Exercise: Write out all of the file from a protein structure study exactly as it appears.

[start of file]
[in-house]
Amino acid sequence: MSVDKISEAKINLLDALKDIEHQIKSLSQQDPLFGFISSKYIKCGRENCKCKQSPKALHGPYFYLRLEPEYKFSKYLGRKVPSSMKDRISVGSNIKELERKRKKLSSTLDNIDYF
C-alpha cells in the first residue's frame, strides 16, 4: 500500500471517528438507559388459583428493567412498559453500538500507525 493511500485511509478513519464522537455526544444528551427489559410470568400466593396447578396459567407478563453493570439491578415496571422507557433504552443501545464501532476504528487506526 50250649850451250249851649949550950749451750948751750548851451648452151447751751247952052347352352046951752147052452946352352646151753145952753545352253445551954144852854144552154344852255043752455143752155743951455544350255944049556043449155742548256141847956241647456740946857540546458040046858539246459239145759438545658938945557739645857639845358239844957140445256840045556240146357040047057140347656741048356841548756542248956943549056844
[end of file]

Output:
[in-house]
Amino acid sequence: MSVDKISEAKINLLDALKDIEHQIKSLSQQDPLFGFISSKYIKCGRENCKCKQSPKALHGPYFYLRLEPEYKFSKYLGRKVPSSMKDRISVGSNIKELERKRKKLSSTLDNIDYF
C-alpha cells in the first residue's frame, strides 16, 4: 500500500471517528438507559388459583428493567412498559453500538500507525 493511500485511509478513519464522537455526544444528551427489559410470568400466593396447578396459567407478563453493570439491578415496571422507557433504552443501545464501532476504528487506526 50250649850451250249851649949550950749451750948751750548851451648452151447751751247952052347352352046951752147052452946352352646151753145952753545352253445551954144852854144552154344852255043752455143752155743951455544350255944049556043449155742548256141847956241647456740946857540546458040046858539246459239145759438545658938945557739645857639845358239844957140445256840045556240146357040047057140347656741048356841548756542248956943549056844